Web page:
Multiple Windows With Windows 10 and JavaScript

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Multiple Windows With Windows 10 and JavaScript

So, a little-known fact of Universal Windows Programs (UWPs) is that they can have more than a single window... at least, it was little-known to me. So, take a look at my way for implementing multiple windows using JS and Windows 10.

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So, a little-known fact of Universal Windows Programs (UWPs) is that they can have more than a single window. At least, it was little-known to me until I was asked by a partner if there was a way to do it. As it turns out, there’s actually two options. There’s the multiple window approach used by applications like the Mail app. There’s also the projection manager approach where you intentionally want to display a window on a separate screen from the main window. These approaches have actually been around since Windows 8 and center on the use of the ApplicationView object.

In poking around, I found that there’s a solid collection of Windows 8.1 and Visual Studio 2013 samples for C++, C#, and even JavaScript. There was even an excellent blog post about implementing multiple windows/views with Javascript, but it was again focused on Windows 8.1. But, I needed an example of this approach with Windows 10 and Visual Studio 2015. And unfortunately, the Windows 8 example wasn’t working. So, I set about fixing it.

WinJS 4 and the Missing MSAppView

It turns out when moving from Windows 8 to Windows 10, you’re also moving from WinJS 2 to WinJS 4. In WinJS 4, some of the more "Microsoft-ish" ways of doing things were dropped in favor of allowing JavaScript developers to leverage the way they’ve always done things. The primary change was the deprecation of the MSAppView object and its various functions. This object represented a Windows Store app’s window (app view) and gave us methods like close and postMessage as well as a property that was the viewId of the window.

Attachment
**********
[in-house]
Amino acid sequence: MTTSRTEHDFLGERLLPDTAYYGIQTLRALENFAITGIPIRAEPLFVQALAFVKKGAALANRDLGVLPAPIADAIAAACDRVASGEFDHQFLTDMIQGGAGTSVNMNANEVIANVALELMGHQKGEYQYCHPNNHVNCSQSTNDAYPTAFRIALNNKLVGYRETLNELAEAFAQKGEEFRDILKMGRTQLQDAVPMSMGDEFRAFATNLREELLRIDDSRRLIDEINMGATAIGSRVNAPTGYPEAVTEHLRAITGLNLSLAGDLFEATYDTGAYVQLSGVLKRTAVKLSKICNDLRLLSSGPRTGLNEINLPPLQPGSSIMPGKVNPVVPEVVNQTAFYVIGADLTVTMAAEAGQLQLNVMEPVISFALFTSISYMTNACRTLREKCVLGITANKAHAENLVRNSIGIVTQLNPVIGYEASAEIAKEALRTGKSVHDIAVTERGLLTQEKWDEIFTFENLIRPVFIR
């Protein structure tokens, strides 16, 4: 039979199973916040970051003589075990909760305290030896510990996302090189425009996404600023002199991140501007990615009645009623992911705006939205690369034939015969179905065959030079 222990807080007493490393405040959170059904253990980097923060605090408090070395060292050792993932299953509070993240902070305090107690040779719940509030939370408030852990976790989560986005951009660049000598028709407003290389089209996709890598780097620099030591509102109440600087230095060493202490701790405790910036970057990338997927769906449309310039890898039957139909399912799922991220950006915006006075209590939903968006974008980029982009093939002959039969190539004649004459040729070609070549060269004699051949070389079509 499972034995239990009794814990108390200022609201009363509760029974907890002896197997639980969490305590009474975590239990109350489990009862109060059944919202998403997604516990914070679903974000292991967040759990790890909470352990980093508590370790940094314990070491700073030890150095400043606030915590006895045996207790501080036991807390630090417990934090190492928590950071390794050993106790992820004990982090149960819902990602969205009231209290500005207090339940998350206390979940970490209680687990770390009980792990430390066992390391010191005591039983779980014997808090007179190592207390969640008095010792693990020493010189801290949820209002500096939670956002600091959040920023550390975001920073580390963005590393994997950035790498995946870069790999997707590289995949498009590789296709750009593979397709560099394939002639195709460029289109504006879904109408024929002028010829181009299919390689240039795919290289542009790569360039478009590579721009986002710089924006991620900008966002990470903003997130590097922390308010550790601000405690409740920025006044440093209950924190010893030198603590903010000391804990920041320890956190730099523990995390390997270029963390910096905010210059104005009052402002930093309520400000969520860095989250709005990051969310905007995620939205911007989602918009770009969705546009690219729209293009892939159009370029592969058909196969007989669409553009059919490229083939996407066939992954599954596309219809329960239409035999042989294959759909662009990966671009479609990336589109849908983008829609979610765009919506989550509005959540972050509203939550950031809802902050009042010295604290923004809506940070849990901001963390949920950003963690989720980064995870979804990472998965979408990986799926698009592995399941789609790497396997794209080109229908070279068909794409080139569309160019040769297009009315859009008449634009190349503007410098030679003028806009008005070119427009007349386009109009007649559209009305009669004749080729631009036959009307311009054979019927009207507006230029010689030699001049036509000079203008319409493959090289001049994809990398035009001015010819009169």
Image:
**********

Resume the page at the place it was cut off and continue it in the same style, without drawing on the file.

With this object removed, some of the functionality of the aforementioned Windows 8.1 sample was broken. So to get it working, I had to find a replacement, or better yet, build one.


I started by crafting a replacement for the deprecated MSAppView which I called simply enough myAppView, giving this object some of the sames functions/properties as its predecessor.

function myAppView(window) {
 this.viewId = MSApp.getViewId(window),
 this.window = window,
 this.postMessage = function (message, domain) {
 this.window.postMessage(message, domain);

With this in place, I also needed to implement two more missing fuctions, the MSApp.createNewView (the WinJS implementation of CoreApplication.CreateNewView). Since these would be "global" functions, I opted to wrap them in a WinJS namespace called CustomAppView. Here’s the createNewView implementation.

createNewView: function(page) {
 var newWindow = window.open(page, null, "msHideView=yes");
 //var newWindow = window.open(page);

 return new myAppView(newWindow);